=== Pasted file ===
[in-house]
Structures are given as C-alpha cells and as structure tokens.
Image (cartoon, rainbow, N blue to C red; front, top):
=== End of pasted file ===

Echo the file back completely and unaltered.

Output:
[in-house]
Structures are given as C-alpha cells and as structure tokens.
Image (cartoon, rainbow, N blue to C red; front, top):